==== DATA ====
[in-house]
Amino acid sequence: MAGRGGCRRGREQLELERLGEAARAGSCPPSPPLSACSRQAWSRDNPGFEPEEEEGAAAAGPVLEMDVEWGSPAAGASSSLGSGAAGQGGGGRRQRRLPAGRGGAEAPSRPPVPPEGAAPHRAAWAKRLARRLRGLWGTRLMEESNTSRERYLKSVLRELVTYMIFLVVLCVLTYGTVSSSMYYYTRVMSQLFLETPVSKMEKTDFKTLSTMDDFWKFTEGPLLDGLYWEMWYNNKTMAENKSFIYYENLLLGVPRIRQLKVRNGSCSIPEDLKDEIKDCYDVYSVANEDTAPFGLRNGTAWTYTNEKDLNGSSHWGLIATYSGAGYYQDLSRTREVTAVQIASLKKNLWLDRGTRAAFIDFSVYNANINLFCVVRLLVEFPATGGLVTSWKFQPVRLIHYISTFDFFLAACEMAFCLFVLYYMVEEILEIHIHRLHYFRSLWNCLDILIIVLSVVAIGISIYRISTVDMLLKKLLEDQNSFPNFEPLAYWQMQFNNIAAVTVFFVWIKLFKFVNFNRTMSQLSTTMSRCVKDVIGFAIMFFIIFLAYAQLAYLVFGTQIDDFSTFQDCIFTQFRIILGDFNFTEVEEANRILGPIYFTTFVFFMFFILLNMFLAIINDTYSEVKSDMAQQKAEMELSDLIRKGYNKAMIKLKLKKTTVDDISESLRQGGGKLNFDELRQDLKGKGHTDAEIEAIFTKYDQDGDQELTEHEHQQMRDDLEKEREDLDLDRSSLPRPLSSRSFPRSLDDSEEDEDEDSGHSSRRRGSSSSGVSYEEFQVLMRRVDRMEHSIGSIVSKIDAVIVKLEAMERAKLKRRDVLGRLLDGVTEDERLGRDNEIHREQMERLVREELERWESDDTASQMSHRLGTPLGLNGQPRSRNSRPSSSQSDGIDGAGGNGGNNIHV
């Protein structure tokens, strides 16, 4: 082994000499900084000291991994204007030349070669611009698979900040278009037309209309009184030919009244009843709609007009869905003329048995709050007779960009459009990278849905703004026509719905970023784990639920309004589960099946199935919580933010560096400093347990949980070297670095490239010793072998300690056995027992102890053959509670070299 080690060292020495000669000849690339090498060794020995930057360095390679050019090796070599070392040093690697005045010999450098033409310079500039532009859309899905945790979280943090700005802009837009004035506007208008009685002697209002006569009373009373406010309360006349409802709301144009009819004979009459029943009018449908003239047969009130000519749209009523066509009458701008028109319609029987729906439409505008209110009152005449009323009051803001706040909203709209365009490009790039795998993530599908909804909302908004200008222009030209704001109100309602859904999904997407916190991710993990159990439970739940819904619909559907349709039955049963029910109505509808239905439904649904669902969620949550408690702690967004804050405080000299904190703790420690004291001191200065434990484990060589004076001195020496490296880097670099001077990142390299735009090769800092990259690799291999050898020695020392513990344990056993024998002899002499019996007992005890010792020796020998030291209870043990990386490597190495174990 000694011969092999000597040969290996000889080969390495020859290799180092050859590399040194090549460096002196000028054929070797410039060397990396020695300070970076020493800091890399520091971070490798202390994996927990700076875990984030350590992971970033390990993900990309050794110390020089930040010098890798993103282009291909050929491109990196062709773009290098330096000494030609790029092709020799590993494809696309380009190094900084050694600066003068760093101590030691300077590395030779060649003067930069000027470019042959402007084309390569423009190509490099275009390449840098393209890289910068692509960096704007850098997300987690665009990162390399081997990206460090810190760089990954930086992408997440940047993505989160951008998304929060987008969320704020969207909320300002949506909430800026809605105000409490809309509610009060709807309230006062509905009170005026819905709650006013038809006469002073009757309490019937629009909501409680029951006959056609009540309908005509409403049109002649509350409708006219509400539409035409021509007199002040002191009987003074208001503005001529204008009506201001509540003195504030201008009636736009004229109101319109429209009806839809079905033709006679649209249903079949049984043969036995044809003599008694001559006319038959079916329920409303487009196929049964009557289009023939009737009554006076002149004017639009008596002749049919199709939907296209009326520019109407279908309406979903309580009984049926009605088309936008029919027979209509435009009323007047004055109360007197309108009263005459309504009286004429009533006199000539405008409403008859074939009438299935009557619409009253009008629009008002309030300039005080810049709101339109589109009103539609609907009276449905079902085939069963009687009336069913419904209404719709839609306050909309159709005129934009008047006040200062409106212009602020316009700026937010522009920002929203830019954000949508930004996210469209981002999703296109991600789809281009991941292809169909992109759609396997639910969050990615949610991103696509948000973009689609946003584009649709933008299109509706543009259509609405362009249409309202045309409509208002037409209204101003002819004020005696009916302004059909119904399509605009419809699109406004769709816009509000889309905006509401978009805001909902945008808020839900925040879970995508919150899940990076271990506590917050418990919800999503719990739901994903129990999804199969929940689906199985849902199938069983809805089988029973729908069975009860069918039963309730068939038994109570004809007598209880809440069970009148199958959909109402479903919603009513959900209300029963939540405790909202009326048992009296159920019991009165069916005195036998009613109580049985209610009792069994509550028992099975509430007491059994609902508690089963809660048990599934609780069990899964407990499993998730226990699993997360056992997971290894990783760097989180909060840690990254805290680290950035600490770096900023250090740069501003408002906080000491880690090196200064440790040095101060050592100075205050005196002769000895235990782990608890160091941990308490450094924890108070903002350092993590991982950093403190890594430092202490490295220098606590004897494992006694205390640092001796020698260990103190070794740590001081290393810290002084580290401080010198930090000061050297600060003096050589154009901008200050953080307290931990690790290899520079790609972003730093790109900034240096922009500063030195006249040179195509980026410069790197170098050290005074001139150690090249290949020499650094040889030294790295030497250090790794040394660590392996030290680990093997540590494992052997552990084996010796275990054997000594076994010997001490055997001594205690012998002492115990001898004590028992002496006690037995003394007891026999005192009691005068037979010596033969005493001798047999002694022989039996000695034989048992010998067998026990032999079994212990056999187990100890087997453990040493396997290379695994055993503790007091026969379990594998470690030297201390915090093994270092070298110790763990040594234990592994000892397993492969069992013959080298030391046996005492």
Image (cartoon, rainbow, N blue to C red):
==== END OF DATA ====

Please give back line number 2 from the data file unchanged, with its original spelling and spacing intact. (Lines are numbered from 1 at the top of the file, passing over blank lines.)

Amino acid sequence: MAGRGGCRRGREQLELERLGEAARAGSCPPSPPLSACSRQAWSRDNPGFEPEEEEGAAAAGPVLEMDVEWGSPAAGASSSLGSGAAGQGGGGRRQRRLPAGRGGAEAPSRPPVPPEGAAPHRAAWAKRLARRLRGLWGTRLMEESNTSRERYLKSVLRELVTYMIFLVVLCVLTYGTVSSSMYYYTRVMSQLFLETPVSKMEKTDFKTLSTMDDFWKFTEGPLLDGLYWEMWYNNKTMAENKSFIYYENLLLGVPRIRQLKVRNGSCSIPEDLKDEIKDCYDVYSVANEDTAPFGLRNGTAWTYTNEKDLNGSSHWGLIATYSGAGYYQDLSRTREVTAVQIASLKKNLWLDRGTRAAFIDFSVYNANINLFCVVRLLVEFPATGGLVTSWKFQPVRLIHYISTFDFFLAACEMAFCLFVLYYMVEEILEIHIHRLHYFRSLWNCLDILIIVLSVVAIGISIYRISTVDMLLKKLLEDQNSFPNFEPLAYWQMQFNNIAAVTVFFVWIKLFKFVNFNRTMSQLSTTMSRCVKDVIGFAIMFFIIFLAYAQLAYLVFGTQIDDFSTFQDCIFTQFRIILGDFNFTEVEEANRILGPIYFTTFVFFMFFILLNMFLAIINDTYSEVKSDMAQQKAEMELSDLIRKGYNKAMIKLKLKKTTVDDISESLRQGGGKLNFDELRQDLKGKGHTDAEIEAIFTKYDQDGDQELTEHEHQQMRDDLEKEREDLDLDRSSLPRPLSSRSFPRSLDDSEEDEDEDSGHSSRRRGSSSSGVSYEEFQVLMRRVDRMEHSIGSIVSKIDAVIVKLEAMERAKLKRRDVLGRLLDGVTEDERLGRDNEIHREQMERLVREELERWESDDTASQMSHRLGTPLGLNGQPRSRNSRPSSSQSDGIDGAGGNGGNNIHV